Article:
In São Paulo, 97.8% of the elderly can’t cross streets in time for traffic lights
May 24, 2017
By Maria Fernanda Ziegler | Agência FAPESP – The sidewalks are only a few meters apart, but crossing the street can be a challenge, especially for the over-sixties. Too often, the walk signal goes from green to red before they can safely reach the other side.
A study conducted by the University of São Paulo’s Public Health School (FSP-USP) in Brazil found that 97.8% of older people in São Paulo City cannot walk at 4.3 kilometers per hour (km/h), the speed required by the timing of the traffic lights operated by the Traffic Engineering Company (CET-SP). Volunteers older than 60 years of age who participated in the study were able to walk at an average of only 2.7 km/h.
To measure the walking speed of the 1,191 older participants, the researchers resorted to the infrastructure of the Survey on Health, Wellbeing & Aging – SABE in the Portuguese acronym – a multi-cohort cross-sectional study on the living conditions and health of the elderly in São Paulo.
This multi-centric survey was initiated at the regional level by the Pan American Health Organization (PAHO) in 2000. It covered seven major cities in Latin America and the Caribbean, including São Paulo. With FAPESP’s support, it was re-run in São Paulo in 2006, 2010 and 2016.
“The walking speed required to cross a city street is unsafe or actually unattainable for older people in São Paulo and in cities throughout Brazil,” said Etienne Duim, co-author of an article on the results of the study that was published in the Journal of Transport & Health. The other co-authors were José Leopoldo Ferreira Antunes and Maria Lucia Lebrão (who died in July 2016).
According to data from SEADE, the São Paulo State bureau of statistics, over-sixties accounted for 12.74% of the state capital’s population in 2016.
“What we found from the study is that the city isn’t managed for older people but for adult individuals who can walk between 4 km/h and 6 km/h without much difficulty, at least for a while. The effect is that older people tend more and more to stay at home,” said Antunes, Full Professor at FSP-USP and coordinator of the survey.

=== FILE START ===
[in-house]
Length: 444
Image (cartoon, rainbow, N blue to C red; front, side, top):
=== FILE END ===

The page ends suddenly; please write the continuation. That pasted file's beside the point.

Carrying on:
Data for August 2016 were supplied by CET-SP, which regulates traffic signal timing using a formula that assumes a speed of 4.3 km/h for pedestrians who cross the street while the walk signal is green. The study excluded the time during which the signal is flashing red. According to CET-SP, no changes have been made to traffic signal timing since the survey. A review of the literature conducted by the researchers showed that cities such as Valencia and Barcelona in Spain have reduced the necessary speed to 3.2 km/h.
According to Duim, a study performed in the United Kingdom produced findings very similar to São Paulo’s. “The UK survey actually influenced the country’s traffic regulations, which extended pedestrian crossing time,” he said.
Both studies conclude that for older people, walking has an important relationship to health and social interaction, and factors that hinder their mobility, such as the difficulty of crossing the street, can lead to a loss of autonomy and deteriorating quality of life.
Duim suggests that São Paulo make changes similar to those made in the UK and Spain. This would ensure autonomy and mobility for older people and most importantly would reduce the risk of traffic accidents involving pedestrians.
“Would an increase of 5 seconds in pedestrian crossing time have an impact on traffic? Perhaps,” he said. “However, surveys conducted in other countries suggest this change could be diluted by other measures, such as changing the speed limit for vehicles and incentives to use public transport, for example.”
For Duim, an interesting option for São Paulo would be the project implemented in Curitiba, the capital city of Paraná State, where there are now a number of smart traffic lights in which an older person can insert a card to “tell” the system more time is required to cross the street.
“The same goes for people in wheelchairs and others with mobility difficulties, such as pregnant women and adults with small children, for example,” he said. “It’s a solution that doesn’t really affect traffic and creates a valid process of social inclusion.”
The article “Walking speed of older people and pedestrian crossing time” (doi: http://dx.doi.org/10.1016/j.jth.2017.02.001) by Etienne Duim, Maria Lucia Lebrão and José Leopoldo Ferreira Antunes can be retrieved from sciencedirect.com/science/article/pii/S2214140516302250.
Read more about the SABE survey in Portuguese:
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